The Last Windrow: Warm fall weather wasn't always welcome
Will we have an Indian summer this year? Will the recent cold spell ebb into a warmer disposition as we await the final ax of winter falling, leaving no one to guess that real winter has arrived?
Some would wish for this weather condition, a period of unexpected warm weather after snow has actually covered the earth. I found Indian summer to be more a negative than a positive during my early farm days. After the busy harvest season I welcomed the recess that cold and snowy weather provided.
Pheasant and deer season were upon sportsmen like me after the corn came out of the field. Having warm weather interrupt my hunting plans didn't sit well.
During those warmer than normal days my dad would find jobs that couldn't be done after winter entered the landscape. One of the activities I detested was having to go back to the cornfield to pick up the ears of corn that the one row Woods Brothers picker left on the ground. I was of the opinion that if that corn were left in the field, the pheasants and other wildlife would have an easier winter.
My father did not see it that way. We were sent out to pick up and toss ears of corn in small heaps among the picked corn rows. The ears would then be picked up and tossed into a waiting wagon and hauled to the waiting corn crib. Picking up those ears of errant corn was about as boring a job any farm kid with hunting on his or her mind could be handed.
Today's modern combines leave nary a kernel of corn lying in the field. In recent pheasant hunting trips to South Dakota I actually looked for a stray kernel or two only to find none. I know that farmers and their bankers now put a high priority on the efficiency of pickers, but I feel sorry for any stray pheasant that looks to fill its crop full of field corn in the middle of winter. That Woods Brothers picker was a friend of the pheasant.
Another chore that happened during unexpected late fall warm weather was fencing. We would turn the cattle into the picked cornfields and to do that, a fence would need to be erected. Anyone who has ever done fencing and liked it would be suspect of a mental click in my mind. Pounding an uncaring post into the earth and stringing miles of wire from post to post is about as exciting as watching ice melt.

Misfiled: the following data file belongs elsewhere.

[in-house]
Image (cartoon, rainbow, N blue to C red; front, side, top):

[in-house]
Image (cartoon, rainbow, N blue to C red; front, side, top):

I could hear the pheasants cackling in the nearby creek bottom as I stretched the wire and hooked up the electric fencer. I thought of the task as cruel and inhuman treatment.
Northern mallards frequented the land between the Missouri and the Big Sioux River when the cold north wind pushed them south. Big, green-headed, curly-tailed drakes with florescent orange legs and feet and no pinfeathers were the premier duck of the day. At the first blast of cold wind my uncles and I would sneak through the underbrush along the riverbanks and secure a duck dinner from the still flowing rivers and streams in our area of western Iowa.
Indian summer days put this whole effort on hold and the ducks stayed up north where they found open water instead of iced over ponds.
I'm a firm believer that the land should have winter when it's supposed to be winter and summer should be summer when it's supposed to be summer. Lately, weather has been hard to predict.
Snow should come when it's supposed to and leave when it's supposed to. Industries are built on the premise and promise that weather should behave in an orderly manner. You may or may not believe in the global warming theory, but seeing red cardinals sitting in northern apple trees and moose heading for the colder climes of Canada makes one wonder.
Will we have an abnormal warm spell of weather yet this year? Only time will tell. If it happens, at least I won't have to pick up ears of corn or erect livestock fence. Maybe Indian summer isn't such a bad thing after all. Real winter will be here soon enough.
See you next time. Okay?